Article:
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NAHT: Young people in England pay a heavy price for their academic success

  • Stats on well-being are ‘nothing to be proud of’ and ‘tarnish’ the academic success
  • Politicians ‘must not be blind to the difference between reading for PISA and reading for pleasure’
  • Results could have been higher if the government had made education and young people a priority over the last ten years

 

This morning, the results of the latest Programme for International Student Assessment (PISA) survey show England’s pupils continue to climb the international league tables, particularly in mathematics. 

However, England should be much less proud of its record on well-being with 66% of pupils reporting that they sometimes or always feel worried and 53% of pupils reporting sometimes or always feeling miserable (compared to 50% and 39% of pupils across the OECD, respectively). 

Paul Whiteman, general secretary of NAHT, the union which represents leaders in the majority of England’s schools, said: “Given the very difficult circumstances in which they have been forced to operate over the past ten years, teachers and school leaders deserve huge praise for sustaining, and even improving England’s performance compared to other nations. 

“But these results have come despite the system rather than because of it – and at what cost? Imagine how much more we could have achieved if the government had made education and young people a priority over the last ten years. The impressive statistics around maths are tarnished by the worryingly high percentages of miserable and worried pupils.

“It is also striking to see that although England’s reading scores are good, pupils in England are less likely to read for pleasure than their OECD counterparts. Functional literacy is one thing but reading for pleasure is one of the most profound gifts an education system can give to its students.

“As the National Literacy trust reported this week more than 380,000 children in the UK do not own any books. Too many are missing out on the power reading has to transform enjoyment and mental well-being. Politicians should not be blind to the difference between reading for PISA and reading for pleasure.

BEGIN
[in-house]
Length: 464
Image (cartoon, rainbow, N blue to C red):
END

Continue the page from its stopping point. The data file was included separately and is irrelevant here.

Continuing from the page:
“These PISA results will almost certainly be weaponised by the various political parties in order to defend or attack each other’s policies. We’d urge all parties to refrain from this and instead consider the children at the heart of these statistics and the dedicated professionals behind them. 

“There are few guarantees of success, but the most successful PISA nations make sure that their governments follow similar priorities to the ones we have outlined throughout this election campaign.”

NAHT urges all parties to make education central to their plans for government in 2020:

  • A fully and fairly funded education system where the real-terms cuts since 2010 are reversed and there’s guaranteed long term investment
  • Great teachers and leaders in every class and every school with the support, development and reward to sustain a career in education  
  • Proportionate, reliable and fair inspection that schools and parents can have confidence in
  • A broad and balanced curriculum available to all pupils that gives children and young people different ways to show what they can do and properly prepares them for life
  • Timely and effective support from the services that children and families rely on so that all pupils get the help they need and achieve their potential.

 

Press and Media contacts:

Steven George
NAHT Head of Press and Media
01444 472886
07970 907730

Rose Tremlett 
Senior Press Officer 
07545 354363


Email :
press.office@naht.org.uk